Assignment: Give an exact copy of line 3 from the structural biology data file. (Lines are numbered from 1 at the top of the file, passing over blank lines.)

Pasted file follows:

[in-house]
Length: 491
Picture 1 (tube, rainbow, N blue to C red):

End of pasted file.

Picture 1 (tube, rainbow, N blue to C red):